Long-term regional control in the observed neck following definitive chemoradiation for node-positive oropharyngeal squamous cell cancer Journal Article

Authors: Goenka, A.; Morris, L. G. T.; Rao, S. S.; Wolden, S. L.; Wong, R. J.; Kraus, D. H.; Ohri, N.; Setton, J.; Lok, B. H.; Riaz, N.; Mychalczak, B. R.; Schoder, H.; Ganly, I.; Shah, J. P.; Pfister, D. G.; Zelefsky, M. J.; Lee, N. Y.
Article Title: Long-term regional control in the observed neck following definitive chemoradiation for node-positive oropharyngeal squamous cell cancer
Abstract: Traditionally, patients treated with chemoradiotherapy for node-positive oropharyngeal squamous cell carcinoma (N+ OPSCC) have undergone a planned neck dissection (ND) after treatment. Recently, negative post-treatment positron-emission tomography (PET)/computed tomography (CT) imaging has been found to have a high negative predictive value for the presence of residual disease in the neck. Here, we present the first comprehensive analysis of a large, uniform cohort of N+ OPSCC patients achieving a PET/CT-based complete response (CR) after chemoradiotherapy, and undergoing observation, rather than ND. From 2002 to 2009, 302 patients with N+ OPSCC treated with 70 Gy intensity-modulated radiation therapy and concurrent chemotherapy underwent post-treatment clinical assessment including PET/CT. CR was defined as no evidence of disease on clinical examination and post-treatment PET/CT. ND was reserved for patients with <CR on either PET/CT, clinical examination, or other imaging. 260 patients (86.1%) had clinical and radiographic CRs, and underwent neck observation (rate of regional control, 97.7%; 5-year overall survival, 79.8%). The four observed patients experiencing neck recurrence had initial staging of N1 (n = 2), N2b (n = 1), and N2c (n = 1). Three of four were successfully surgically salvaged. There was no association between N stage and rate of neck recurrence (p = 0.74). 52 and 25% of patients undergoing ND had viable tumor in the neck after positive and negative PET/CT, respectively. We conclude that patients achieving CRs after chemoradiation, based on clinical and PET/CT assessment, have a high probability of regional control, with a 2.3% regional failure rate, and may be safely observed without planned ND. What's new? Traditionally, most patients with head and neck cancer and nodal metastases who are treated with chemoradiotherapy undergo a neck dissection after treatment in order to remove residual metastatic disease in the neck. However, not all of these patients' necks actually harbor residual disease. In fact, emerging data now reveals that patients who experience a complete response after chemoradiation therapy have a very low rate of residual disease identified in the neck. Furthermore, a PET/CT scan obtained after treatment is a highly accurate predictor of whether there will be any residual disease in neck lymph nodes. These findings have led many to hypothesize that patients achieving a complete response might not require post-treatment neck dissections. The current study now presents the first comprehensive analysis of a large, uniform cohort of node-positive head and neck cancer patients undergoing observation of the neck rather than neck dissection, provided that PET/CT indicates that a complete response after chemoradiation has been achieved. The rate of recurrence in these observed patients was very low, indicating that head and neck cancer patients experiencing a PET/CT-confirmed complete response after chemoradiation therapy can be safely observed, rather than undergoing neck dissection. Copyright © 2013 UICC.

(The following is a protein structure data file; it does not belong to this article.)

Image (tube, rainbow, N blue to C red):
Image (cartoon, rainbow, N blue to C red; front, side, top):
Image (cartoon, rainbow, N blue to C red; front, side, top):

Keywords: adult; treatment response; aged; middle aged; major clinical study; cancer recurrence; intensity modulated radiation therapy; neck dissection; salvage therapy; squamous cell carcinoma; carcinoma, squamous cell; bevacizumab; cisplatin; fluorouracil; paclitaxel; cancer patient; cancer staging; lymph node metastasis; antineoplastic agent; lymphatic metastasis; carboplatin; clinical assessment; cohort analysis; cetuximab; computer assisted emission tomography; patient safety; oropharynx cancer; neck; cancer control; pet; chemoradiotherapy; oropharyngeal neoplasms; clinical examination; observation; papillomaviridae; positron-emission tomography and computed tomography; adjuvant chemoradiotherapy; oropharyngeal squamous cell carcinoma
Journal Title: International Journal of Cancer
Volume: 133
Issue: 5
ISSN: 0020-7136
Publisher: John Wiley & Sons  
Date Published: 2013-02-22
Start Page: 1214
End Page: 1221
Language: English
DOI: 10.1002/ijc.28120
PROVIDER: scopus
PUBMED: 23436584
PMCID: PMC4570243
Notes: - "Export Date: 1 July 2013" - "CODEN: IJCNA" - "Source: Scopus"
Citation Impact
MSK Authors
  1. Michael J Zelefsky
    745 Zelefsky
  2. Dennis Kraus
    268 Kraus
  3. Suzanne L Wolden
    530 Wolden
  4. Nadeem Riaz
    365 Riaz
  5. Nancy Y. Lee
    785 Lee
  6. Heiko Schoder
    480 Schoder
  7. David G Pfister
    360 Pfister
  8. Richard J Wong
    359 Wong
  9. Anuj Goenka
    18 Goenka
  10. Luc Morris
    240 Morris
  11. Shyam S Rao
    83 Rao
  12. Ian Ganly
    385 Ganly
  13. Jatin P Shah
    693 Shah
  14. Benjamin H Lok
    62 Lok
  15. Nisha Ohri
    5 Ohri
  16. Jeremy Setton
    84 Setton
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